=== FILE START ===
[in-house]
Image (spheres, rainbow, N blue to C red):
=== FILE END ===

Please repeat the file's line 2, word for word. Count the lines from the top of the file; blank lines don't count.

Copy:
Image (spheres, rainbow, N blue to C red):